Manchester freshers: This is what your choice of nightclub says about you
Don’t worry, we all thought Factory was brilliant once
Whatever you’ve got planned for Freshers’ Week your club of choice will undoubtedly highlight some hidden layer of your personality. Whether you don’t even make it out after the pres, or the dulcet tones of Glue by Bicep are still ringing round your flat at six in the morning, wherever you club says a lot about you.
We’ll start close to home. You’ve been intrigued by the converted church whilst moving into halls and want to explore further. You’re after cheap drinks, chart hits and a short walk home. You’re setting yourself up to become a regular at the infamous 256 Tuesdays for the rest of the year.
It’s on everyone’s freshers wristband so your whole flat is going regardless of who’s bought which wristband. Cargo isn’t exclusive to any one type of fresher, you just have to accept everyone will go once during your first week, and then never return.
At some point during first semester, everybody thinks Factory is the best club in Manchester. You just will. Accept your fate now. From Freshers’ Week until reading week, Factory will be absolutely rammed from top to bottom. You’re constantly on the pull across three floors of R&B ‘hits’, cheesy hits and the most basic EDM playlist you can find on Spotify. Despite the huge queue, it’s your default choice for if you’re organising a flat night out as there’s something for everyone.
Lets be honest, you’re here for one thing and one thing only. You’ve Ubered down to Deansgate for last entry with your best aftershave on and one of your mates has already been turned away for having bubbles in their trainers. The only time you’re ever going to return is for a sports social night, maybe.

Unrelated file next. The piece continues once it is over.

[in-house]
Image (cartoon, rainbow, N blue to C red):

You clearly know what you’re doing. After passing the raucous queues for Impossible and Albertschloss, you’ve turned the corner for £1 skittlebombs, 2 for £6 blue VKs and cheap Jägerbombs. After proving you know the most indie lyrics out of all your mates, you’re already counting down the days until the first 42s all-nighter of the year.
You’ve clearly got a mate in second or third year and want to impress to your new friends. Wanting to show off that you can party the hardest, you take everyone who’s brave enough to a garage in Salford until the early hours. You pretend to be loving every minute of the weirdest music you’ve ever heard, whilst secretly pretending you were tucked up in bed with an episode of The Office.
You’re going big this weekend and have splurged on a WHP ticket. You’ve definitely heard of one of the DJs, maybe even two, so this is the line up for you. Word has spread and your friends from home are up, there are seven people sharing an Oak House room for the weekend and it looks like a bomb has gone off in Urban Outfitters. You go, you dance, you lose your sunglasses, but it’s all worth it for some extremely Instagramable photos and maybe even a BeReal if you’re lucky.
After not getting your first choice Uni of Bristol, you’ve decided to come to Manchester. Dressed in your best attempt at Fallow fashion, you head to Hidden after Googling “Best techno clubs in Manchester”. As the bass pulses through your veins, you feel an affiliation brewing and fail to miss a single Hidden Thursday for the entire first semester. After no time you think you can do one better and, fancying yourself a DJ, start begging everyone on MSG for a slot at XLR.
You’ve had to leave the first club of the night for whatever reason and you’re wandering the streets of Manchester at 1am. A plucky club rep comes up and leads you to the doors of Deaf Institute. Once you’ve hung around in a half empty room for 15 minutes and finished your mixer, you decide to call it a night, jump on the 142 and get a Chesters to make up for the disappointment (not that I’m speaking from experience or anything).